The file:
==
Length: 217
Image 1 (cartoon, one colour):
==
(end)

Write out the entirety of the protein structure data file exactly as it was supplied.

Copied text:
Length: 217
Image 1 (cartoon, one colour):